Space-age yeti and hot tips 


The fantabulous grounds of Cranbrook were opened up again last Saturday for the sixth annual Serious Moonlight party, held, as always, on the lush, immaculate grounds surrounding the art museum. Having attended this party for the past five years, I knew what to expect. As always, the party did not disappoint. Then again, with the backdrop of Cranbrook, it’s hard to see how you could go wrong. Unlike years past, when the fete was held around the Triton pools (except when they were being renovated), this party was held in and around the front-lawn area and peristyle, no doubt due to the construction of a new wing at the art museum. As I wandered about the billowing tents searching for sustenance (rather unsuccessfully, I might add), I spied one-time Cinderella’s Attic helper Babe York, sitting at a table with cohort Stephanie Shepard. York’s brother, Paris, was one of the many “Sound Suits” performers dancing about while clad in what appeared to be space-age yeti costumes created by Cranbrook alum Nick Cave (CAA ‘89). To repeat a line echoed by many, no … it’s Nick Cave the artist, not Nick Cave and the Bad Seeds. (FYI: All black-clad, cuff-unbuttoned, slack-jawed, cig-dangling Faulkner-esque neo-punk fans expecting the Southern goth-punk troubadour of Bad Seeds fame are advised to head to the State Theatre on Sept. 29.) Getting back to the Cranbrook party, if you haven’t checked out the Harry Bertoia sound exhibit in the museum, do so now, as these sonic rod sculptures are truly a visual and aural feast for the senses. As further proof, none other than Detroit techno legend Carl Craig will be out at Cranbrook on Aug. 17 at a soiree hosted by Liz Copeland.

Craig will be creating music and performing under the peristyle with eight of his carefully selected favorite Betoria sound sculptures. Finally, for all those Serious Moonlight partygoers who missed out on the limited food available, and instead resorted to liquid nourishment and gobbling down chef Jimmy Schmidt’s incredible Smart Chocolates (gingko biloba and ginseng can only take you so far), Hungry Howie’s pizza was hauled out around 11 p.m. or so. Hungry Howie’s, space-age yeti, Cranbrook and thumping disco sounds ... how delightfully discordant.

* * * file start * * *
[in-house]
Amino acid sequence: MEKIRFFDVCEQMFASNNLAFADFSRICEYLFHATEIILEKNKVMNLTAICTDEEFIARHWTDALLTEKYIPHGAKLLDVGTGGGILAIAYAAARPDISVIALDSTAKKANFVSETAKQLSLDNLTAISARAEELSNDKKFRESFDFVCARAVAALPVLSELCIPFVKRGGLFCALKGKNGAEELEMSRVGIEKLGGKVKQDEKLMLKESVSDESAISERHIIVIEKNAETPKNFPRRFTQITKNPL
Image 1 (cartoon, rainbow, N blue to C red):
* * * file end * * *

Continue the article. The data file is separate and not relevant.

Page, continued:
Speaking of discordant sounds, the wheezing amplified turbine and almost obscene sounds bellowing from the Detroit riverfront over the past weekend could only mean one thing … Coleman Young has been reincarnated as a radioactive sea monster. Oh, wait, no, it’s the hydroplane races. Given the incredible weather, I decided to check out this so-called Thunderfest, notwithstanding the obtuse and idiotic obstacles of the Chrysler APBA Gold Cup organizers, who refused to grant me access. Notwithstanding the snub, John Schoenith at the Roostertail was more than generous and hospitable, and, frankly, the Roostertail is a much better place to watch the races than the sun-baked bleachers and dust-caked official viewing area. While the Roostertail was hosting the 89X-sponsored Royal Plush party on Saturday with bands Save Ferris and Soul Cracker, as well as a sold out Hottiefest on Friday (not to be confused with the Hattie McDaniel-fest, of Gone With the Wind fame, held in Wichita every May), my one foray onto the midway of the official race site bore witness to a performance by a band called Sequoia in what could only be called the battle of the redneck bar bands. It was like Spinal Tap without the irony and tongue-in-cheekiness. I quickly beat a retreat back to the Roostertail deck before I got punched, where, despite the whole WRIF vibe, it was still a decent place to have a beer and watch fuel-guzzling hydroplanes fly across the water. Actual overheard conversation of nearby scantily clad females ranged from breast augmentation options to the inquisitive “You did his friend, right?” While walking out to Jefferson after the race, I stopped to see one of the better musical offerings, Sequoia notwithstanding, in the area, that being Tiffany and Tiara Hill, sitting on the steps of their home in the shadows of the Roostertail and playing the violin for their music-school fund like true buskers. See you next year.